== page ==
National Constitution CenterCenturies of Citizenship: A Constitutional Timeline Exhibit
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1947-1954: We struggle to preserve freedom in a dangerous world

May 17, 1954
The Supreme Court rules – in schools, separate is not equal

Lunchcounter protest in North Carolina

“The most gratifying thing…is the unanimous decision and the language used—once and for all it’s decided completely.”
–Thurgood Marshall

In many parts of the country, blacks and whites are separated by law—segregated—in almost all aspects of life. In 1896, the Supreme Court said this was constitutional. The rule’s called “separate but equal.”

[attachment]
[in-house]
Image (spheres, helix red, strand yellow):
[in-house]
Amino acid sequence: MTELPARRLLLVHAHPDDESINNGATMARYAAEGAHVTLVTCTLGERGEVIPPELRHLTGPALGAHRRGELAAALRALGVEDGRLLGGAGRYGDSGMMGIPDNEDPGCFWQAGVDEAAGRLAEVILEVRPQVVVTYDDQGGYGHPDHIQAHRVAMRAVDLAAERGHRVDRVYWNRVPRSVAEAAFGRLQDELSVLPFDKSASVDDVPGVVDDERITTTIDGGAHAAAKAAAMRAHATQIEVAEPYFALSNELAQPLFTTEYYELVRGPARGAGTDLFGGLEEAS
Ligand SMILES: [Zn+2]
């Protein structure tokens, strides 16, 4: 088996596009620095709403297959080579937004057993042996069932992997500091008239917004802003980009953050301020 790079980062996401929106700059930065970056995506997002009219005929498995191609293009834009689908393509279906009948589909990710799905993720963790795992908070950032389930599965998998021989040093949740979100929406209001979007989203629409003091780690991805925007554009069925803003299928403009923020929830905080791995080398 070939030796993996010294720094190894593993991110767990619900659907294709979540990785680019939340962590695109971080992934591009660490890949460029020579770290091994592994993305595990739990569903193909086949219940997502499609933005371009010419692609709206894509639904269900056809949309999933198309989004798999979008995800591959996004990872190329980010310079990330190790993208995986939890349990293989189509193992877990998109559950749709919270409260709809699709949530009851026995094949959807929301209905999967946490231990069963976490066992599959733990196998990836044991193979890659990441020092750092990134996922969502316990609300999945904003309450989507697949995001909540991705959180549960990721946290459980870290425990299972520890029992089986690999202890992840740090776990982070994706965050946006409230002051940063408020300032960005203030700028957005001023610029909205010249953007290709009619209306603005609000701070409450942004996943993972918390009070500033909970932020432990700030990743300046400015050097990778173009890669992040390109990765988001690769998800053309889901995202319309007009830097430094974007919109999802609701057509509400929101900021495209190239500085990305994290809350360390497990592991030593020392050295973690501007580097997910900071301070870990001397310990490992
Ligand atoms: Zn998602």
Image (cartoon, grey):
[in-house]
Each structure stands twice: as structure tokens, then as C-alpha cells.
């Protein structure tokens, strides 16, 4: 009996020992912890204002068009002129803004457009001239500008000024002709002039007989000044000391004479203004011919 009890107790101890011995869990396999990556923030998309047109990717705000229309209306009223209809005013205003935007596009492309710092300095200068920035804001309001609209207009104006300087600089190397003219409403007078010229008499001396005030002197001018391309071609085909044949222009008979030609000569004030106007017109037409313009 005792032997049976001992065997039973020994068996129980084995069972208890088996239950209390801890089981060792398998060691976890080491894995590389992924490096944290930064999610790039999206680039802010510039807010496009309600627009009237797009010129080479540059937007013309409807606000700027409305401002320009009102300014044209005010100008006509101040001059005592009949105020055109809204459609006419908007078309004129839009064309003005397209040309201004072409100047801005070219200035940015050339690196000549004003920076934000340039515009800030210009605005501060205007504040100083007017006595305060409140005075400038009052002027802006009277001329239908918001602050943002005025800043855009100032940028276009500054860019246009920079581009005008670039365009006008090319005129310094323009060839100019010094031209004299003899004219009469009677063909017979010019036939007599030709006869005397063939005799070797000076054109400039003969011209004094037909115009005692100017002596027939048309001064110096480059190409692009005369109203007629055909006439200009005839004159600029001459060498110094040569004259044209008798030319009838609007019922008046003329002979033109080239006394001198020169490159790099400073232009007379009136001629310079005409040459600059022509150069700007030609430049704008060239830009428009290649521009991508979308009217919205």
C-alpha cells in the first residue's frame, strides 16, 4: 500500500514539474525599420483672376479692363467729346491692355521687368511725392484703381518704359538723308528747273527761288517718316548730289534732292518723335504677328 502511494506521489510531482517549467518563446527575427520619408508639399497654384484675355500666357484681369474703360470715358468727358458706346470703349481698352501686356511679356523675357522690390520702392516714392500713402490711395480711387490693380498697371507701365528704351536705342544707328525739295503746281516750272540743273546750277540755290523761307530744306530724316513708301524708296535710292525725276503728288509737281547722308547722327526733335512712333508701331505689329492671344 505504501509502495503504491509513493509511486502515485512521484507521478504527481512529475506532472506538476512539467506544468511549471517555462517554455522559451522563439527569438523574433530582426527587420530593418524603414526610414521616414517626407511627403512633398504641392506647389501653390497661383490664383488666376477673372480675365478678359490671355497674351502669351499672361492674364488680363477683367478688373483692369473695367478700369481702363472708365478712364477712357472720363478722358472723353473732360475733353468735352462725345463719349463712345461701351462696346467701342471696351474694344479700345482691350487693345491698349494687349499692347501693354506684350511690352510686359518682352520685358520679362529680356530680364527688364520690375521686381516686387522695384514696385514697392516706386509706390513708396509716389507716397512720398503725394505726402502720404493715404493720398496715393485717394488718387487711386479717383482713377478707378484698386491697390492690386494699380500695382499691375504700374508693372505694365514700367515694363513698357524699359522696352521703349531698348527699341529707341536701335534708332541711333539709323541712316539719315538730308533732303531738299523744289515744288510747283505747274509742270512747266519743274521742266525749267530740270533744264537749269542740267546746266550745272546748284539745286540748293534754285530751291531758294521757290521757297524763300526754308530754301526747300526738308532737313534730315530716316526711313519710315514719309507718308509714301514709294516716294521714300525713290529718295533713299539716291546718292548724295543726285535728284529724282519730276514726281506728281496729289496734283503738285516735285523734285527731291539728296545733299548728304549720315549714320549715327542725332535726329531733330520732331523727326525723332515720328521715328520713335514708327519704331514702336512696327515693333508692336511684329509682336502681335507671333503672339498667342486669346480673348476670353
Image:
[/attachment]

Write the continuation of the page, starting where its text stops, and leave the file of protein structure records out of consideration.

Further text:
But separate is rarely equal.

In the South, black men and women sit at the back of the bus and in “colored only” waiting rooms. They can’t stay at “white” hotels or eat at “white” restaurants. Across America, black children attend neglected schools.

Today, in the landmark case Brown v. Board of Education, the Court unanimously struck down school segregation.

“Separate educational facilities,” they say, are “inherently unequal.”

Read about it in the New York times

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